NYU and Janssen Develop New Class of Proteins to Fight Antibiotic-Resistant Infections
By Mark Terry
Researchers at New York University School of Medicine and Janssen Research & Development, a Johnson & Johnson company, have developed a new class of engineered proteins that may help fight the bacteria that cause Staph infections.
The results of a five-year research partnership were published in the journal Science Translational Medicine. “To our knowledge, this is the first report showing that proteins called centyrins can potentially block the effects of severe S. aureus bacterial infections in mice, and in human cell experiments,” stated lead author Victor Torres, associate professor in the Department of Microbiology at NYU Langone Health.
The researchers identified a group of centyrins that blocked the action of five toxins generated by Staphylococcus aureus, the bacteria that causes Staph infections. These five toxins are used by the bacteria to evade the human immune system. The centyrins don’t destroy the germs but take away their ability to thrive. This new approach has the potential to deal with antibiotic resistance.
A January 2018 report by the World Health Organization (WHO)’s Global Antimicrobial Surveillance System (GLASS), found widespread antibiotic resistance among 500,000 people with suspected bacterial infections in 22 countries. The most commonly reported bacteria resistant to antibiotics were Staphylococcus aureus, Escherichia coli, Klebsiella pneumoniae, and Streptococcus pneumoniae, followed by Salmonella species.
Marc Springer, director of WHO’s Antimicrobial Resistance Secretariat, stated at the time, “The report confirms the serious situation of antibiotic resistance worldwide. Some of the world’s most common—and potentially most dangerous—infections are proving drug-resistant. And most worrying of all, pathogens don’t respect national borders. That’s why WHO is encouraging all countries to set up good surveillance systems for detecting drug resistance that can provide data to this global system.”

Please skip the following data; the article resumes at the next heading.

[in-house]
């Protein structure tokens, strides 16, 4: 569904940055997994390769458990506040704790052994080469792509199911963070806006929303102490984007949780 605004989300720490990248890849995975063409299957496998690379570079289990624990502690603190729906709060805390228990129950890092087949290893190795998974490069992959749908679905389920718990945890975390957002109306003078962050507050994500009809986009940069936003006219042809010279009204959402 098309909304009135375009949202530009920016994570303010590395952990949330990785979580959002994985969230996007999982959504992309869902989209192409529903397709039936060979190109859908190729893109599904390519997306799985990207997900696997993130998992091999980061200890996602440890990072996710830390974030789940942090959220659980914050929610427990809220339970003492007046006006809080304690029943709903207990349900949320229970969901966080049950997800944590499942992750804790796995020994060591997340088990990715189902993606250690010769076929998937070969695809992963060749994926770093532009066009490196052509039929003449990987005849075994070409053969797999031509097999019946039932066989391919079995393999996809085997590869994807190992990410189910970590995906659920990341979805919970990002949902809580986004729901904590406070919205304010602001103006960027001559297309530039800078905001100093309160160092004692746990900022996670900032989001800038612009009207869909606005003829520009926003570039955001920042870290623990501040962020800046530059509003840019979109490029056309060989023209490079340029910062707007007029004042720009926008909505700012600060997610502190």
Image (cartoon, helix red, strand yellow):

About a third of all people around the world are carriers of S. aureus, typically without symptoms. But in people with weakened immune systems, S. aureus can cause serious, life-threatening infections in the lung, heart, bone or bloodstream. Staph infections are a serious problem in hospitals, where because of widespread use of antibiotics, especially methicillin, methicillin-resistant S. aureus (MRSA) infections cause 11,000 deaths in the U.S. annually.
In 1998, researchers, including NYU’s Shohei Koide, discovered a class of proteins that came from fibronectin type III (FN3) protein subunits. They were originally classified as monobodies and investigated as cancer treatments by Janssen researchers. Centyrins are FN3 “scaffolds” optimized for drug development, and eventually, Janssen used them to as anti-toxins.
The toxins produced by S. aureus, such as leucocidin AB, which was identified by Torres’ laboratory, drill holes in immune cells, killing them before they can kill the bacteria. They also drill into red blood cells, flooding bacteria with nutrients.
The researchers in this study used molecular techniques and automation to change a single parental centyrin, which created a trillion slightly modified centyrins. They screened the library and found 209 centyrins that bind to pieces of one of the five major S. aureus leukotoxins. In human cells, they found that the ones that bound the tightest could prevent the toxins from attaching and destroying the cells they would otherwise drill into.
Dosing mice with toxic levels of LukED S. aureus toxin, they also dosed some of the mice with the SM1S26 centyrin. The mice who didn’t receive the centyrin died, while those who did receive it lived. Even in cases where the mice received centyrin four hours after live S. aureus infection, half of the infected animals survived compared to none in the control group of infected mice.
The team is now working to develop biologics that combine centyrins with anti-staphylococcal monoclonal antibodies in a new class of proteins called MABtyrins.
“One of the most exciting aspects of this work is that scientists may be able to pick their pathogen, and then easily generate a vast, cost-effective library of centyrins shaped to interfere with the disease process at hand,” Torres stated. “It’s bigger than one experimental treatment.”